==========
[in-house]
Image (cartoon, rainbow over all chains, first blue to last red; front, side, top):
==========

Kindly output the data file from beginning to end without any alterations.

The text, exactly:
[in-house]
Image (cartoon, rainbow over all chains, first blue to last red; front, side, top):